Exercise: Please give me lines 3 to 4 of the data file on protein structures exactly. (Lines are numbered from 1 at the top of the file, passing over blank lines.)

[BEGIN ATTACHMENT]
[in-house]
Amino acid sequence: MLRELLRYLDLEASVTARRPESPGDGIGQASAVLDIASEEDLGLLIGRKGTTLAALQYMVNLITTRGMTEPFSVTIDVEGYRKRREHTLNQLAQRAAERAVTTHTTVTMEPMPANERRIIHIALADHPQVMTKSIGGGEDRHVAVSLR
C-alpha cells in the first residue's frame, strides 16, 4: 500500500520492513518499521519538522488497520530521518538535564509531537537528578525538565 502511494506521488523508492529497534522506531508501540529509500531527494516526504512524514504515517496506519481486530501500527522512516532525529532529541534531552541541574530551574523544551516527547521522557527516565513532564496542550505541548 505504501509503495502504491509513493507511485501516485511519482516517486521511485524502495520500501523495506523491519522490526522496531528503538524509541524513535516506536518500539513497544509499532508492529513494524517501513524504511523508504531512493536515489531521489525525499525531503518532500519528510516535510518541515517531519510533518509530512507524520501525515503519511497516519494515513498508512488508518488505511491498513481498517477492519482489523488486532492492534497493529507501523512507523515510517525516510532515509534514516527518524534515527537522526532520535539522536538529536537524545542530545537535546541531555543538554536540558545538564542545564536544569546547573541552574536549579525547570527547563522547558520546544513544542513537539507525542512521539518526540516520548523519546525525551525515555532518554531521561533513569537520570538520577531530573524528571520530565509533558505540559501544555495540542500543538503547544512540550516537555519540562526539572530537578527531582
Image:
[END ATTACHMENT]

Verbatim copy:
C-alpha cells in the first residue's frame, strides 16, 4: 500500500520492513518499521519538522488497520530521518538535564509531537537528578525538565 502511494506521488523508492529497534522506531508501540529509500531527494516526504512524514504515517496506519481486530501500527522512516532525529532529541534531552541541574530551574523544551516527547521522557527516565513532564496542550505541548 505504501509503495502504491509513493507511485501516485511519482516517486521511485524502495520500501523495506523491519522490526522496531528503538524509541524513535516506536518500539513497544509499532508492529513494524517501513524504511523508504531512493536515489531521489525525499525531503518532500519528510516535510518541515517531519510533518509530512507524520501525515503519511497516519494515513498508512488508518488505511491498513481498517477492519482489523488486532492492534497493529507501523512507523515510517525516510532515509534514516527518524534515527537522526532520535539522536538529536537524545542530545537535546541531555543538554536540558545538564542545564536544569546547573541552574536549579525547570527547563522547558520546544513544542513537539507525542512521539518526540516520548523519546525525551525515555532518554531521561533513569537520570538520577531530573524528571520530565509533558505540559501544555495540542500543538503547544512540550516537555519540562526539572530537578527531582
Image: